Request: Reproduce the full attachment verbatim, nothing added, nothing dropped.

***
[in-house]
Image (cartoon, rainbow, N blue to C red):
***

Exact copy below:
[in-house]
Image (cartoon, rainbow, N blue to C red):